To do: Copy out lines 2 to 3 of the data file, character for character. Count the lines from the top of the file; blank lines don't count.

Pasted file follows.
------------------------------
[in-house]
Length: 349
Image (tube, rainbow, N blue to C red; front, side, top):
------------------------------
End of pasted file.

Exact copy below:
Length: 349
Image (tube, rainbow, N blue to C red; front, side, top):